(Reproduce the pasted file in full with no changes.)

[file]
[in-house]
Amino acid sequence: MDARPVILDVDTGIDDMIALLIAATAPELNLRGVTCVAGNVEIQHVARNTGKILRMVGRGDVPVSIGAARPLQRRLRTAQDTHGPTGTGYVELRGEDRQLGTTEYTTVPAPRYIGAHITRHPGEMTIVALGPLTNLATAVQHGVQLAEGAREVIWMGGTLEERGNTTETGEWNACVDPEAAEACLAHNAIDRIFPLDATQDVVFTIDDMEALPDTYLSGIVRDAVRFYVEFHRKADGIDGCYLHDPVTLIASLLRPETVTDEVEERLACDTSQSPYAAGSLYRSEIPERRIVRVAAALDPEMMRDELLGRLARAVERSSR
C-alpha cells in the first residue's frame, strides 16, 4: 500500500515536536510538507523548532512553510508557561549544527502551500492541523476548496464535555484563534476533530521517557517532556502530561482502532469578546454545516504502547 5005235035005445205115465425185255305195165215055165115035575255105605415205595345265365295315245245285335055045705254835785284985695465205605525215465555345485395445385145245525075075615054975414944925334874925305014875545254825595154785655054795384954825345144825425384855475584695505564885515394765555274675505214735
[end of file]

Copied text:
[in-house]
Amino acid sequence: MDARPVILDVDTGIDDMIALLIAATAPELNLRGVTCVAGNVEIQHVARNTGKILRMVGRGDVPVSIGAARPLQRRLRTAQDTHGPTGTGYVELRGEDRQLGTTEYTTVPAPRYIGAHITRHPGEMTIVALGPLTNLATAVQHGVQLAEGAREVIWMGGTLEERGNTTETGEWNACVDPEAAEACLAHNAIDRIFPLDATQDVVFTIDDMEALPDTYLSGIVRDAVRFYVEFHRKADGIDGCYLHDPVTLIASLLRPETVTDEVEERLACDTSQSPYAAGSLYRSEIPERRIVRVAAALDPEMMRDELLGRLARAVERSSR
C-alpha cells in the first residue's frame, strides 16, 4: 500500500515536536510538507523548532512553510508557561549544527502551500492541523476548496464535555484563534476533530521517557517532556502530561482502532469578546454545516504502547 5005235035005445205115465425185255305195165215055165115035575255105605415205595345265365295315245245285335055045705254835785284985695465205605525215465555345485395445385145245525075075615054975414944925334874925305014875545254825595154785655054795384954825345144825425384855475584695505564885515394765555274675505214735